Pupils are encouraged to continue their learning during the holidays. Research indicates that by the end of the long summer holiday pupils perform, on average, one month behind where they left off in the spring.
Here are some suggestions for activities that will keep children thinking mathematically while having fun and
learning new skills.
Click on an activity to see the resources that are free to use either alone or with parents and friends.
GCSE-style questions for regular practice designed for students targeting grades 3 to 5 (C/D) of the GCSE Mathematics examination.
Interactive, printable examination learning objective checklists.
The traditional pairs or pelmanism game adapted to test recognition for formulae required to be memorised for GCSE exams.
An adventure game requiring students to solve puzzles as they move through the old mansion.
An adventure game requiring you to answer questions and solve puzzles as you move through the tunnels.
Mathematical questions with five possible answers. If you get 20 correct you can add your own question to the database.
A game of buying and selling property with maths questions thrown in for good measure.
An online board game for two players involving prime and square numbers and making choices.
A version of the Play Your Cards Right TV show. Calculate the probabilities of cards being higher or lower.
Nim is a mathematical game of strategy in which two players take turns removing objects from groups of objects.
A game, a puzzle and a challenge involving counters being placed at the corners of a square on a grid.
A strategy game. Play against the computer to select three numbers that add up to 15.
Can you make a kite shape from a single A4 size sheet of paper using only three folds?
Practical mathematical skills are required to work out how to construct these three dimensional items from paper.
Use the pieces of the tangram puzzle to make the basic shapes then complete the table showing which shapes are possible.
This activity will collect data about your first impressions of some optical illusions. You can then analyse the data to come to your own conclusions.
Don't let your brain be fooled by these geometric optical illusions in this online quiz.
Interpret plans and elevations of three dimensional shapes.
Move the trams to their indicated parking places in the shunting yard as quickly as possible.
Can you get your car out of the very crowded car park by moving other cars forwards or backwards?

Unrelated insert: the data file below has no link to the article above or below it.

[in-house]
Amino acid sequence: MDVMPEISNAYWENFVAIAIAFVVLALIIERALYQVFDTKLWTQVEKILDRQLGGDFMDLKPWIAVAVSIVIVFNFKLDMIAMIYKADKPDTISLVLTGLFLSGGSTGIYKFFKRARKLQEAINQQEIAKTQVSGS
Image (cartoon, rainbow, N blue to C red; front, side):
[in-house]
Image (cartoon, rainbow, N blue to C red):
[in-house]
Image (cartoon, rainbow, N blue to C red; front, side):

Test your timing skills by clicking on the monkeys so that they jump off the cliff at just the right time to land in the boat.
Each visitor to this page has a unique maze constructed for them to find their way through answering mathematical questions on the way.
Find your way through the maze encountering mathematical operations in the correct order to achieve the given total.
Each visitor to this page has a unique maze constructed for them to find their way through answering questions about bearings along the way.
The digital version of the popular fizz buzz game. Press the buzzers if they are factors of the counter.
A one or two player game. The objective is to grab all the multiples of the chosen times table faster than the other player.
Rotate the cogs to catch the flying numbers in the correct sections.
How many different badges can you make using three different coloured squares put together to make a rectangle?
Throw two dice and multiply the scores. Investigate the different products you can obtain. What about adding? What about using three dice?
Investigate polygons with an area of 4 sq. units. Investigate polygons with other areas.
Work your way through this curriculum map to find the topics you have been doing at school.
This is the document that lists all of the Maths concepts pupils study in school up to Year 11.
If you know exactly what maths activity you are looking for you can search for it here:
If you find an activity that interests you click on one of the small pictures to go directly to the details of that activity.
Do you have any comments? It is always useful to receive feedback and helps make this free resource even more useful for those learning Mathematics anywhere in the world. Click here to enter your comments.